Judging by the photos, I would say the main design concern of these trucks was the ability to operate in tight spaces. Notice that there is almost no wasted space between the front of trailer and the back of the tractor. Also moving the trailer axles forward allows the truck to turn with less off-track*, but also puts a larger portion of the weight on the trailer axles, hence the three trailer axles and only one drive axle. The trailer’s kingpin (the thing that attaches to the tractor) also seems to be further back on the trailer (compared to US trailers) which would also help operation in tight spaces.
I don’t think these trucks would be very comfortable or stable for long straight highway trips.
The Cab-Over Engine design (COE or Cabover) allows for a shorter wheel base and therefore making tighter turns with the tractor, but does not affect off-track. The European tractor seems to have a slightly longer wheel base to accommodate the further forward kingpin mentioned above.
I must disagree with MC’s first two statements—
[li]The single tire (or tyre for you brits) design that replaces duel tires (AKA Super-singles) uses one larger tire with the same load capacity as two standard tires.[/li][li]Several mechanics I have talked to have complained that changing Super–singles is a pain due to their greater weight, almost twice that of standard tires, which weigh over 100 lbs. with the rim.[/li][li]With standard duel tires, if you have a blowout you can still drive a short distance at reduced speed to get it repaired.[/li][li]Super singles do see limited use in the US, particularly on spread axle trailers, but I am not sure what their advantages are.[/li][li]I don’t get to use the list command very often ;).[/li][/ul]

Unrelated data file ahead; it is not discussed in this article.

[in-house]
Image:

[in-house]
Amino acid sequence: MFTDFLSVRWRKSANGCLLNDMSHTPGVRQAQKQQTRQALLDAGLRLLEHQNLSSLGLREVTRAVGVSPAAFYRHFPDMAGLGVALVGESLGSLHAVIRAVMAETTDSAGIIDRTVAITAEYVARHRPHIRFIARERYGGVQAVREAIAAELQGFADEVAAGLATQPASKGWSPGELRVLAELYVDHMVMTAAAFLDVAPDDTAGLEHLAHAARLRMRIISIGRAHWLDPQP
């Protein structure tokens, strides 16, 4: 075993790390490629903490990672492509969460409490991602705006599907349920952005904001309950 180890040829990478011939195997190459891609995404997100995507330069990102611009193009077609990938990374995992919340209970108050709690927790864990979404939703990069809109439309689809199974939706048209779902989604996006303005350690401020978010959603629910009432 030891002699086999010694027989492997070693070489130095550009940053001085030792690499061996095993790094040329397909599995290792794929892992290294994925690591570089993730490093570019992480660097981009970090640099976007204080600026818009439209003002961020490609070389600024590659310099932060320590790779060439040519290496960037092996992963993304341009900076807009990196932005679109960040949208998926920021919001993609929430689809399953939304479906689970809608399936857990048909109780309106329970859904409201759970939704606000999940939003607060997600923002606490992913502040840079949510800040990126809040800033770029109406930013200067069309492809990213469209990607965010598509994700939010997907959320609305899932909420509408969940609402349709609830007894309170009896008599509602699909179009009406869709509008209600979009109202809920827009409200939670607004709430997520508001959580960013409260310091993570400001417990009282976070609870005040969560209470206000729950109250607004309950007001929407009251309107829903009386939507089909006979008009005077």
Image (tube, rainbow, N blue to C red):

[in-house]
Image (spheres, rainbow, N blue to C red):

MC is somewhat correct on his third statement, US trucks must be designed to comply with the ‘bridge formula’ that sets limits on how close axles can be to each other. Also US trucks are limited (in most states) to 38,000 Lbs. per set of tandems (two axles), many states do not allow more weight for using a third axle (Michigan is one notable exception). I suspect the European design truck would not comply in many US states due to the axles being to close together and to much weight being carried on the trailer axles.
*Off-track – When turning a vehicle with a trailer, the trailer will follow a tighter radius than the tractor. This is why trucks must swing into the left lane before making a right turn.